by Nicholas L. Cain
How would you like less arsenic in your drinking water?
A 1999 National Academy of Sciences report found that the current arsenic
standard is unsafe and should be revised "as promptly as possible." Independent
arsenic experts and the U.S. Environmental Protection Agency agree.
Based on this information, any sane person would want to reduce the amount
of arsenic in our drinking water. But on June 21, Congress did the exact opposite: The
House voted against clean drinking water by blocking enforcement of the EPA's new standard
for arsenic. And Congress made this important decision without public debate or discussion
by using an under-handed legislative trick: anti-environmental appropriations riders.
A "rider" is an amendment, usually unrelated to the issue at
hand, that is tacked onto a piece of legislation. Most anti-environmental riders would not
withstand public scrutiny, so legislators bury them in must-pass spending bills. After the
public flogging lawmakers endured over their misuse of riders last year, you might be
tempted to think that Congress had gotten the message: Americans overwhelmingly support
environmental protections and want them strengthened. But as we face another slew of
budget bills loaded with toxic riders, it's obvious that some representatives have turned
a blind eye to the concerns of Americans.
For politicians who want to undermine environmental protections without
too many eyes watching, riders provide the perfect means. "The most dangerous aspect
of anti-environmental appropriations riders," said Debbie Sease, the Sierra Club's
legislative director, "is that major changes in environmental laws are made without
public debate, under the cover of dark."
And Sease is not exaggerating. Several weeks ago, Rep. George Nethercutt
(R-Wash.) actually waited until midnight to get his rider in. Nethercutt initially tried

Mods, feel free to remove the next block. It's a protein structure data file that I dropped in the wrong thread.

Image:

to insert a rider to derail the Interior Columbia Basin Ecosystem Management Plan - a
program to coordinate the protection of watersheds and wildlands in the Columbia Basin -
in the daylight hours. The House voted by a sizable margin to toss this rider out and then
blocked its reintroduction. Instead of heeding the votes, Nethercutt just waited.
As the highly technical appropriations process dragged on into the night,
representatives started to leave. Around midnight, after many had left, Nethercutt
successfully re-introduced his measure. As of our publication date, it's still there.
And Nethercutt's rider is hardly the worst of this year's bunch.
A rider inserted in the Interior appropriations bill will block funding
for federal efforts to combat global warming.
Another rider recently introduced would halt the EPA's clean-up of the
Hudson River until an additional report has been completed - delaying badly needed
As they did last year, Sens. Larry Craig (R-Idaho) and Frank Murkowski
(R-Alaska) have introduced a rider that will undermine revised limits on how much waste
can be dumped by mines.
A rider inserted in the Senate Agriculture Appropriations bill by Sens.
Ted Stevens (R-Alaska) and Pete Domenici (R-N.M.) would block efforts to reform the Army
Corps of Engineers and, in direct violation of the U.S. Constitution, abolish civilian
control of the agency.
Other riders seek to undermine the Endangered Species Act, delay forest
planning and stymie needed wilderness inventories.
But despite this long list of dangerous amendments, there is a potent
antidote on-hand - public scrutiny. Last year, a national outcry eliminated some of the
worst riders. Over the summer - and in November - we need to send an even stronger
message: Riders are wrong and those who vote against the environment do so at their own
To Take Action: Contact your senators and representatives
to let them know that you want them to protect our environment, not trash it. Also let
them know that you disapprove of the use of riders to make changes in policy and that you
are watching their votes carefully.
Write U.S. Senate, Washington, DC 20510 and U.S. House of Representatives,
Washington, DC 20515.
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